Many immigrant families face language barriers between first-generation parents and their American-raised children. However, some Korean immigration families communicate through “Konglish,” a mixture of Korean and English.
Konglish can keep second-generation immigrants from forgetting their Korean culture while increasing familiarity with their native language.
“At home, I usually speak in Konglish with my parents,” said Mina Jang, a local teenager who immigrated to the US approximately six years ago. “It involves mixing and matching the best words and phrases… as well as the cultures!”
On the other hand, some Konglish speakers, such as high school senior Daniel Kim, claim that the hybrid dialect may bring the opposite effect.
“Sometimes, when I’m speaking in Korean to my parents and forget how to say a word, I just substitute it with an English word,” said Kim, who moved to the US in fifth grade. “Since my parents don’t have a problem with basic English words, I’m forgetting more and more Korean words now.”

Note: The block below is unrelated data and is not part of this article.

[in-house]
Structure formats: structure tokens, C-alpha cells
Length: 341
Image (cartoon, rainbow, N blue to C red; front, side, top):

Yet Jang disagrees. “If I don’t know a certain word in Korean,” she said during her interview, “[my parents] can always explain it to me by using words I already know. If they don’t know a certain word or phrase in English, I can do the same for them.”
Thus, many semi-speaker families are able to maintain and continually develop their knowledge about their new culture without losing their cultural heritage.
“I think forgetting to speak your native language is like forgetting your own culture. Imagine your kids not being able to live naturally in the country where your family’s cultural history lives!” says Misook Lee, a first-generation immigrant and parent who moved to the US seven years ago.
“Communicating in Konglish with my kids… keeps them from forgetting Korean [and helps me] learn English words in a way I understand them.”